What are the costs of an expedient schooling system?


Having been in the education industry for near on 30 years, I have seen the gradual change in workload and expectations for teachers and administrators. 

With the advancement of technology, our work is more efficient and faster. Things happen immediately and it’s fantastic! Students no longer have to spend hours writing notes from the board, their work can appear in Google Classroom on their handheld device and they can quickly type up their answers, with spellcheck to help them. Teachers now have a curriculum that includes Drug education, Sex education, Values education, Driver education, eSafety education, Health education, and a number of other topics to help students through the maze of social expectations. Teachers have a plethora of resources that make their work quicker, bigger, better, faster.

However, I believe that the cost of these changes, is significant. School community members (teachers, students, parents, administrators) now have the capacity to undertake their tasks in lightning speed. This is great but there is little time to breathe, to refill the dopamine in our system to keep us going and take care of our wellbeing. We no longer have small opportunities in our day to stop and smell the roses. When was the last time you walked to the post office to send a telegram, stopping on the way to pat a dog or chat to a stranger? When did you last have time to mindlessly draw your lesson diagrams on the chalk board? Losing the telegram and chalkboards have been fabulous losses, however the opportunity to recharge your brain or to enhance relationships or emotions, has also been lost.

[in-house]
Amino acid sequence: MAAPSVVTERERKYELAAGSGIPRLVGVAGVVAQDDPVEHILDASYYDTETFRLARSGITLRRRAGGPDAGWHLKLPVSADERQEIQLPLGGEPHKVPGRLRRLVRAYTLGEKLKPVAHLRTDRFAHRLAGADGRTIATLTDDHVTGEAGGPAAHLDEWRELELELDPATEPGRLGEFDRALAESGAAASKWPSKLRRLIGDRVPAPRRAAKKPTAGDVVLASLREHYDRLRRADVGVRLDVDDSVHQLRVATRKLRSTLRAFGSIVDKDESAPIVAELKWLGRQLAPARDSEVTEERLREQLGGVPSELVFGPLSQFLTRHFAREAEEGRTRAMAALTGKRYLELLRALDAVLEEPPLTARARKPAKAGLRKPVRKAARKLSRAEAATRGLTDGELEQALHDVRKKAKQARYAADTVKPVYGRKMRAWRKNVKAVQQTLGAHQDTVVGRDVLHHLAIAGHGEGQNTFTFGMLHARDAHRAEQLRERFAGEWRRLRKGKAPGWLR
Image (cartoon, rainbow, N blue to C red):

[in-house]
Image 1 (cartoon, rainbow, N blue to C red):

I believe there is a massive need for schools to counter this age of frantic workloads.  I believe that it is vital to acknowledge the importance of putting positive approaches in the forefront of school planning and operating. I’m talking about positive communication – how do we communicate verbally, in marketing material, in policy documents, in emails and other information to parents and the community? Is it positive? Does it take into account the impact the communication has on the audience? Do we focus on the strengths of our personnel, rather than constantly focussing on the challenges? How do we deal with emotional intelligence across school sites and is our leadership focussed on systems and processes in a positive way? 

Dr Lea Waters (a psychologist, researcher, speaker and author and is one of the world's leading experts on Positive Education)said in her article “A Review of School-Based Positive Psychology Interventions” “……..research evidence is now mounting to show that student wellbeing is positively related to academic performance. For example, a meta-analysis by Durlak, Weissberg, Dymnicki, Taylor, and Schellinger (2011) of 213 studies involving 270,034 students from kindergarten through high school showed that, on average, school students enrolled in a social and emotional learning program ranked 11 percentage points higher on achievement tests than school students who did not participate in such programs.” So positive approaches in education are not just about making students happy, it’s about making everyone happy and this leads to higher academic achievement. That’s what matters.